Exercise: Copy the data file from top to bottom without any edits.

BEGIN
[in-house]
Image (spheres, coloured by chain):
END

[in-house]
Image (spheres, coloured by chain):